With commercial ventures like Virgin looking to the stars, the beginnings of a full-scale space tourism industry are emerging. Asteroid mining is being explored as a fuel source for our interstellar wanderlust, and it may become a reality in the not-too-distant future.
There are a multitude of commercial opportunities in space, stretching from satellite television, radio, and navigation systems, to consumer-facing space tourism, as pursued by companies like Elon Musk’s SpaceX and Sir Richard Branson’s Virgin Galactic.
But one exciting commercial opportunity that has received less attention is the extraction of resources from asteroids and other minor planets, also known as asteroid mining. Once companies mine minerals and volatiles from asteroids, these materials could either be used in orbit or taken back to Earth.
The mining process would be a laborious one that would involve launching from Earth, maneuvering into position on the asteroid, collecting ore, and traveling back. The process would be carried out by robots, powered by solar energy, and would require a huge amount of resources.
Yet, this exhaustive process offers the potential for high rewards — asteroids are often packed with hydrogen, oxygen, and metallic ore. Asteroid 2011 UW158, which passed a mere 1.5 million miles from Earth in July, had a platinum core estimated to be worth over five trillion dollars, according to Forbes.
This may seem impractical and futuristic, but several companies are already working towards this goal. “People often think of this as a very long-term thing that is far in the future,” Chris Lewicki, President and Chief Engineer of an asteroid mining company called Planetary Resources, told International Business Times. “I would encourage people to realize that it’s happening right now.”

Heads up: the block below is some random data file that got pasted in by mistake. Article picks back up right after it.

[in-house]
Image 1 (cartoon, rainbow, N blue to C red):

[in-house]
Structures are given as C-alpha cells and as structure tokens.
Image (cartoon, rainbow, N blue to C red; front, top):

Planetary Resources is an emerging leader with deep industry expertise — the world’s first and foremost asteroid mining organization. ABC reports that the company has attracted some serious investors, including Google’s Larry Page, Eric Schmidt, Charles Simonyi, Ross Perot Jr., and Sir Richard Branson.
The long-term goal is to mine metals like iron, cobalt, and nickel, which can eventually be used to build structures in space without having to source it from Earth and launch it into orbit, Digital Trends explains. Initially, though, the focus will be on extracting water, which can be used as rocket fuel. Once the technology becomes more sophisticated, the extraction of other resources will be further explored.
Water costs tens of millions of dollars to send into space, so finding sources in space is essential. It’s envisioned that spacecraft will be able to refuel at stations in orbit.
Preparing for Lift-Off
The focus for now is on gathering enough data on asteroids to identify those with the potential for mining. Several factors have to be taken into consideration — obviously, the size and composition of asteroids is important to ascertain, but it’s also necessary to assess how difficult it will be to land on the site. Scientists will be considering things like an asteroid’s speed through space, its rotation speed, and how often its orbit intersects with Earth’s.
Technology will still have to be improved for better propulsion and communications before the first mine can be opened. All the same, PR’s Arkyd 3R craft was deployed from the International Space Station in July, and is currently testing the underlying technologies that will be used to analyze an asteroid’s composition. The company has plans to follow this with a slightly larger version, which will test an imaging sensor that can identify the presence of water on a given target.
Imagining the Future
Planetary Resources claims that the company could “add trillions of dollars to the global GDP,” and “create a new industry and a new definition of ‘natural resources.’” The asteroid mining industry as a whole is only in its infancy now, and we’ve yet to see if such bold claims will come to fruition.
However, the potential benefits reach far beyond profit and economic growth. As we continue to make use of Earth’s resources, an extraterrestrial source of resources with no local geological impact could serve as a serious lifeline.
(Image credit: Wikipedia)